[One of the requirements for our MDiv program is to complete a basic 10-week unit of Clinical Pastoral Education in a program certified by the Association for Clinical Pastoral Education that focuses on pastoral encounters with persons in need or in crisis. Eli Snider, one of our second-year students, delivered this essay at a CPE graduation ceremony at Providence Sacred Heart Hospital in Spokane, WA this summer.]
As I reflect on my time in CPE and what this experience has meant to me, I think about my relationship to Sacred Heart. Not the institution, the actual building.
I have had a relationship with that 12-story building. Early in my relationship, I would look up at its imposing presence, its windows shimmering in early morning, and all I could think about was how much concentrated suffering, pain, and death was confined in this big white box. I imagined a heat map of Spokane, of tragedy and death, and I imagined Sacred Heart glowing like a firefly from a satellite view. And every morning I had to walk into that building. Some mornings I hated it. I was an unfortunately appointed grief doula, ironically enough in the building I was born.
And then something began to change. The more conversations I had with staff chaplains, my peers, and patients, I realized something transformative. This building is not a concentration of suffering, it is a concentration of life — everything that goes into life.
And life contains all things. Regret also walks hand-in-hand with gratitude. Death also walks with thankfulness of lives well lived. Close calls walk with second chances. Pain surfaces communities of support one didn’t know was there until misfortune visited.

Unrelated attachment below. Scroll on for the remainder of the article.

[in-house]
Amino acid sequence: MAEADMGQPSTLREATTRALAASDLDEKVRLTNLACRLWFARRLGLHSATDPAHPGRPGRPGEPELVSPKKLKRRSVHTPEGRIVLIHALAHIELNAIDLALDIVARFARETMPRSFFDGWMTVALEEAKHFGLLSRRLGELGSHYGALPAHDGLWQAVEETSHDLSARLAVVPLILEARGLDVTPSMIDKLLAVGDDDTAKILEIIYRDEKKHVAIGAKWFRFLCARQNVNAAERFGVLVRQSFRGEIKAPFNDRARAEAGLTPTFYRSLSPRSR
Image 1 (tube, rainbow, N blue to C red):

It occurred to me, no, I was not a grief doula, I was a life doula — helping to deliver all the emotions that accompany life in its rich, brilliantly ironic, complexity. The exposed honesty of everything life has to offer, all concentrated in this big white box, this is what Sacred Heart has come to mean for me.
Eli Snider is in his second year of studies in the MDiv program. He worked in the field of non-profit leadership before following the call to ministry. Eli has a diverse volunteer history, including mentorship through Big Brothers Big Sisters, building homes in Mexico, founding a charity to support an orphanage in Thailand, and supporting refugees at World Relief. He is currently applying his experience in entrepreneurial business as the coordinator of the Religious Innovators Network – a collaborative initiative between the Church of the Larger Fellowship and the Unitarian Universalist Association.